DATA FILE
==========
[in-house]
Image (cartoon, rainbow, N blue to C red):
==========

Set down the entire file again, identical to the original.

[in-house]
Image (cartoon, rainbow, N blue to C red):